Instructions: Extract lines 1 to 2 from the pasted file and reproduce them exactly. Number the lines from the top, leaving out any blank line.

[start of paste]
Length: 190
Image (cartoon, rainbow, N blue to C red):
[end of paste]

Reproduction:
Length: 190
Image (cartoon, rainbow, N blue to C red):